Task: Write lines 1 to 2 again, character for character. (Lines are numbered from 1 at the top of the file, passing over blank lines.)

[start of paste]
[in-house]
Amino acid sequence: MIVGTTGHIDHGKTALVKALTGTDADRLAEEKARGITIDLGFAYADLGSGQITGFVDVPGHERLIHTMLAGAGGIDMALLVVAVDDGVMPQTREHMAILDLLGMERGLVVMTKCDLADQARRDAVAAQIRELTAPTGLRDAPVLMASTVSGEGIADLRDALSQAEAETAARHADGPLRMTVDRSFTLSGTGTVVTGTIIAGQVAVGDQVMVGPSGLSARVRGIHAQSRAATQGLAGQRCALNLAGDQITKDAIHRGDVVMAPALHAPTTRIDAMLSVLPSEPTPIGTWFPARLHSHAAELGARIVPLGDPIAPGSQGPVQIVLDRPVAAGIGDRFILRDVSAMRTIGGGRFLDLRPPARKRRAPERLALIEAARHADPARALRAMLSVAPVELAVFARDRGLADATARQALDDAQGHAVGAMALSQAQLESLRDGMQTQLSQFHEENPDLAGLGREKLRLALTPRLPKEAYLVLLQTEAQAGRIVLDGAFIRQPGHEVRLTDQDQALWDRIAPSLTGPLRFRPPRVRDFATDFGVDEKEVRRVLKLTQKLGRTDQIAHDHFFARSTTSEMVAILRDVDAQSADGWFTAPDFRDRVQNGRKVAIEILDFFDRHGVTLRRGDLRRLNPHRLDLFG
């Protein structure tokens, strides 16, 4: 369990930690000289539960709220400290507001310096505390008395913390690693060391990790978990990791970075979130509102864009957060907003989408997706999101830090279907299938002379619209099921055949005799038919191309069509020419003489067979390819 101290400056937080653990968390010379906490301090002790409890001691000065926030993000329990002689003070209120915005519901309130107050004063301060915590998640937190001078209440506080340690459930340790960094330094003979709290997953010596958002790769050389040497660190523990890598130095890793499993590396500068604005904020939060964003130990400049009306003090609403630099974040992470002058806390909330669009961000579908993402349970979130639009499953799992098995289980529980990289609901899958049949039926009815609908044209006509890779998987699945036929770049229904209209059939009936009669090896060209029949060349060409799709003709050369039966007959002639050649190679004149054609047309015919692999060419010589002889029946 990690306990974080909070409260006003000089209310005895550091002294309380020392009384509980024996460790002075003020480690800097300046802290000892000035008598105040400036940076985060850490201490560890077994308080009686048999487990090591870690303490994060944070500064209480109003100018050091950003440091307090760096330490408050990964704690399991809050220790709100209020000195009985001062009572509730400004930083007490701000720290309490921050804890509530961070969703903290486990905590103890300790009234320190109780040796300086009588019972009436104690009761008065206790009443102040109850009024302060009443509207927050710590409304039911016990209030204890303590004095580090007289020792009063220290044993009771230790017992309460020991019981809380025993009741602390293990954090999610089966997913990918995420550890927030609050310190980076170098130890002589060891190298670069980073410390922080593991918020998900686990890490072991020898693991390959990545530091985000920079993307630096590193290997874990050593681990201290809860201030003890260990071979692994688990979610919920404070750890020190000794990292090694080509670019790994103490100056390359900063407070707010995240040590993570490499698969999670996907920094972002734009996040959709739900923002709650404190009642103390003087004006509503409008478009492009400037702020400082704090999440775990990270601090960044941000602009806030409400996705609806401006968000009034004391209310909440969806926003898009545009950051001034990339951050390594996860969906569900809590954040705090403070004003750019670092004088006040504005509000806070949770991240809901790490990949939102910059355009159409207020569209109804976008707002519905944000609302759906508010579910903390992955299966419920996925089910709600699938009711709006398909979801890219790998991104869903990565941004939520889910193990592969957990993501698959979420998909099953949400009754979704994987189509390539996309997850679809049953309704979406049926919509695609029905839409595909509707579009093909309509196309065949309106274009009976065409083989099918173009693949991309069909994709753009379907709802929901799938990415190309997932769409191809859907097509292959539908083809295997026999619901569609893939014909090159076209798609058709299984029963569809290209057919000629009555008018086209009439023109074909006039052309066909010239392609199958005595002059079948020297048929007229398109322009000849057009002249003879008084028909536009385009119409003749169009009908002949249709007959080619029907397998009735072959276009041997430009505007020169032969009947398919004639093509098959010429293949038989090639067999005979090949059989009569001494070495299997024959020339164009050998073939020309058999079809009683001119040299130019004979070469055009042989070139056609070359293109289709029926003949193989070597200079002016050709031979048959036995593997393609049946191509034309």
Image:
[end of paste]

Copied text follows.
[in-house]
Amino acid sequence: MIVGTTGHIDHGKTALVKALTGTDADRLAEEKARGITIDLGFAYADLGSGQITGFVDVPGHERLIHTMLAGAGGIDMALLVVAVDDGVMPQTREHMAILDLLGMERGLVVMTKCDLADQARRDAVAAQIRELTAPTGLRDAPVLMASTVSGEGIADLRDALSQAEAETAARHADGPLRMTVDRSFTLSGTGTVVTGTIIAGQVAVGDQVMVGPSGLSARVRGIHAQSRAATQGLAGQRCALNLAGDQITKDAIHRGDVVMAPALHAPTTRIDAMLSVLPSEPTPIGTWFPARLHSHAAELGARIVPLGDPIAPGSQGPVQIVLDRPVAAGIGDRFILRDVSAMRTIGGGRFLDLRPPARKRRAPERLALIEAARHADPARALRAMLSVAPVELAVFARDRGLADATARQALDDAQGHAVGAMALSQAQLESLRDGMQTQLSQFHEENPDLAGLGREKLRLALTPRLPKEAYLVLLQTEAQAGRIVLDGAFIRQPGHEVRLTDQDQALWDRIAPSLTGPLRFRPPRVRDFATDFGVDEKEVRRVLKLTQKLGRTDQIAHDHFFARSTTSEMVAILRDVDAQSADGWFTAPDFRDRVQNGRKVAIEILDFFDRHGVTLRRGDLRRLNPHRLDLFG